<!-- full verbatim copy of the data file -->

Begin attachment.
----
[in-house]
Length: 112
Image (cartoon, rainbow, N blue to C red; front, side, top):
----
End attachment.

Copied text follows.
[in-house]
Length: 112
Image (cartoon, rainbow, N blue to C red; front, side, top):